[Cryptography] WireGuard

Phillip Hallam-Baker phill at hallambaker.com
Tue Sep 4 12:44:11 EDT 2018

On Tue, Sep 4, 2018 at 12:19 PM Ryan Carboni <ryacko at gmail.com> wrote:

> I said this once before and I'll say it again, you people don't notice
> anything. I have pointed out that the total cost for mining Bitcoin at
> current difficulty proves that 80-bit security is still sufficient, which
> is puzzling to some degree or another. Right now ~72-bit difficulty costs
> less than a billion dollars to mine. (although it could be that all Bitcoin
> miners aren't designed efficiently!)
> Everyone here should know that the biggest issue everyone realized after
> the Snowden revelations was metadata. People are still talking about
> directly attacking crypto.

The cheapest and most effective attack on BitCoin or any other system of
its ilk is probably to infiltrate some of the tech-bro sex parties and drop
the tapes on the net.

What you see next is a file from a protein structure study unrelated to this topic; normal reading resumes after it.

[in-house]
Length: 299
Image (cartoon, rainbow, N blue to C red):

Like PRISM, we all know what is going on and who is likely involved and the
likely effect of it becoming public knowledge, but knowing and being able
to prove are two very different things.

Yeah, very few of us would be surprised or offended. But couple those
activities with some of the other things certain tech bros are accused of
and maybe there is a PR issue. What is consensual between peers becomes a
problem when there are power differences. Elon Musk recently discovered
that when you are a CEO, a joke tweet can lend you in jail, it will
certainly lead to expensive lawsuits. Well maybe some other CEOs are in for
a learning experience.

People are not going to stop buying phones, playing video games or using
social media. But they might just question the notion that techtopia is the
place they want to be taken and they will almost certainly question being
taken there by the tech bros. I don't think any company with a solid P/E
need worry but those are not the companies that I hear about in relation to
this stuff. Those are the ones that manage to trade for decades losing
money hand over fist. Uber was the first domino.

When it comes to losing money, Bitcoin requires miners to sink several
billions of dollars a year into a startup that will never ever produce any
thing of value by design.
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